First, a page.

When I started to learn to walk again it was about the same time that my son was learning. I use to watch him walk and watch how his feet moved with his legs and hips, I use to try and imitate what he was doing to teach myself to walk again.
My son is a big part of my life and my journey that I am on. He has motivated me to get to this point and he still motivates me to be even better than I already am.
So you coach Baseball and Football?
I coached Football to start with. After I got hurt I volunteered at the High School that I graduated from. It was good physical therapy just being out on the field walking around, then I found out that I liked coaching and that I was good at it.
I did that for three years and then I went and did adaptive rowing. In July 2011 I took first in the county and ninth in the world in Adaptive Rowing. I stopped coaching to do that, but now that I am not doing the rowing as much anymore I started coaching Baseball.
My son was in little league and I volunteered as a coach, they said I did a good job and the president of the league wanted me to coach with him, so I did and this last year we coached Youth Babe Ruth Team and we took third in regionals.
Wow, that is very impressive.
It was a lot of fun, I love coaching. I have been doing it since I was 24.
And you are how old now?
Tell me more about rowing.
I row with my upper body, I don’t use my legs obviously because I am a paraplegic, but I am an adaptive rower. So adaptive rowing is like a small part of rowing where we only have four categories. In my category there is only one boat that goes to the world championship of the Paralympics.
It’s tough because in order for me to compete internationally or competitively I have to have a female rowing partner and there is not a lot of female rowing partners that fit into my category and that want to compete and train, especially here in the Northwest. If they open my category up so there are more boats or even make it an individual race then I am looking at the Paralympics next year, 2016, that is my goal.
I am really competitive at rowing, but coaching is my passion, it is what I do for fun.
What has kept you going through all of this?
The thought that someday I am going to end up back in my wheelchair, and that my spine is still broken. I am young, which is the reason that I wasn’t more severely injured, even though I am 100% disabled. I was 23 when I got hurt, but they said it could have been worse & I was supposed to die, my youth saved me. I am still young, but someday I am going to be old and I am not going to be able to do all these things. When I get old, I don’t know if I will still be able to walk or have to be in my chair, so I want to go till I can’t go any more.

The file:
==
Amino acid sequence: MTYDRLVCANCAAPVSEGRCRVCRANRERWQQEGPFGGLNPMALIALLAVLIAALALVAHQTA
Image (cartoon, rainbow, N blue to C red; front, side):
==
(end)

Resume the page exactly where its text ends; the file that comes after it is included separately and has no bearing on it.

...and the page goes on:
I think you have to experience waking up in a hospital bed without the use of your legs in order to understand how important it is to be able to use them. It is really hard to explain, but before I got hurt, I had no idea what this was like; I’d never even sat in a wheelchair before.
It is amazing to me just how far you have come. As a nurse, I have seen others in your circumstance and most of them accept their fate, but you didn’t, you moved forward against all odds, and have accomplished great things.
Thank you. I can’t stop. If I stop or sit still, that is when the pain hits me the most, so I just can’t stop.
I feel that people should be able to do accomplish pretty much anything if they can focus everything that they’ve got towards what they want, they should be able to achieve it.
I shouldn’t be able to walk, and I do. I shouldn’t be able to stand on a football field and play football with people that don’t have any disabilities, but I do. I worked really hard.
This is very inspirational. Can I ask what you do for pain management?
For a while I was getting medications from the VA, pain pills, but they are bad. They work to a point, but I have so much pain and so many different types of pain that I can’t take enough pills to get rid of all that. So it came to a point where it was doing more damage than good, so I have stopped taking medications. Instead I do a lot of stretching, a lot of exercise, and I try to eat better.
Did you go through any depression when you were dealing with all of this?
Yes, for the first couple of years it was really difficult to go out as a handicap person. It was hard to hang out with my friends at bars or go places because I always had to take my wheelchair, in crowd of people, sometimes they wouldn’t pay attention and fall over me. So it was one of my goals to not be so dependent on my wheel chair.